This is a complete strawman argument. Nobody knowledgeable on the matter has ever claimed this. I specifically implore anyone to find me where Dr. Gutman ever claimed that DRM would be applied to non-DRM files. This mis-characterization of the opposition is academically dishonest in every sense of the phrase.

      Old apps run fine,

      This is not true. Not even MICROSOFT is saying that. In fact, here's what they [microsoft.com] have to say about it: "We have made tremendous investments in Windows Vista to ensure backwards compatibility, but some of the system enhancements, such as User Access Control, changes to the networking stack, and the new graphics model, may require code changes on your part. You should work hard to run as standard user." (emphasis mine)

      It may indeed be true that the DRM'd media files will suck and be low quality, however if you just don't use them then you'll never have to care.

      The fact that the vast majority of hardware you'll be able to buy (regardless of DRM or OS) will be more expensive, less reliable, slower, and fundamentally vulnerable to DDOS attacks is of no concern to you? Well I guess as long as it looks pretty, why should you care, right?

      -Grym

      • Re: (Score:2, Interesting)

        by Anonymous Coward

        This is not true. Not even MICROSOFT is saying that. In fact, here's what they [microsoft.com] have to say about it: "We have made tremendous investments in Windows Vista to ensure backwards compatibility, but some of the system enhancements, such as User Access Control, changes to the networking stack, and the new graphics model, may require code changes on your part. You should work hard to run as standard user." (emphasis mine)

        I work on the App Compat team at MS. The things that we block apps for hav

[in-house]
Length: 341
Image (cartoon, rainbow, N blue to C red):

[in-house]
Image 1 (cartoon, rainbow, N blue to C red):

• by Selanit (192811) on Monday January 01, 2007 @07:21AM (#17421236)
      If you take the time to read Gutmann's actual analysis [auckland.ac.nz], rather than just the summary on the Inquirer, you'll note that he gives several reasons to object to Vista's DRM requirements even if you never use a single DRM-protected file. For example:

      The specs for DRM support in Vista specify that the OS has to encrypt any protected video data sent to the video card. "Ah HA," you say. "I'll just never use any protected video." Fair enough. But consider this: in the future, any new video card you buy will have to be capable of decrypting stuff even if you yourself never send it any encrypted content. That means that the company that makes the video card has to integrate cryptography capabilities into the video card. Which requires space on the video card's circuit board. That same circuit board space could have been, say, another pixel pipeline or two for faster video rendering - oh well. Congratulations, you're getting less bang for the same buck.

      Except, of course, it's NOT the same buck; it's more buck. Integrating cryptography into a video card will require expertise (expensive), development (expensive), and testing (expensive). And naturally, some cryptography technologies are covered by patents, so the video card company will have to purchase more patent licenses (expensive). Guess who's going to wind up footing the bill for these new expenses? That's right: you, the end user.

      Some of the patent expenses can probably be reduced. nVidia has patents of its own, as does ATI, and SGI for that matter. They can offer to swap patent permissions with companies who hold patents for cryptographic technology. (Assuming that the cryptography companies have any interest in graphics patents.) What's that you say? You're a small company? You don't have a massive portfolio of patents to bargain with? And your budget is limited? Sorry, friend, you're in the wrong line of work. Try McDonald's, I hear they need highly-skilled cash-register operators. (Not that there are very many small upstart video-card companies; breaking into that market is damn hard. Throwing in all this DRM stuff just makes the impossible a teensy bit harder.)

      Slower development times, higher hardware costs, decreased competition ... all those affect you even if you never sully your system with a DRM-protected file. And that's just scratching the surface. Open source drivers are going to get harder to write; the DRM spec breaks Microsoft's own unified driver scheme, requiring a completely unique driver for every possible variant of every possible device; massively increases the required system specs; decreases system reliability; and on and on. It doesn't even do a damn bit of good in the long run; all it takes is one bright hacker with a compiler (and possibly a soldering gun) to figure out some way around it. One compromised system means that Hollywood's precious copies of Soccer Dog: the Movie [imdb.com] will be smeared all over the net. And meanwhile, the rest of us poor schmucks will be paying more for hardware that does less. Great.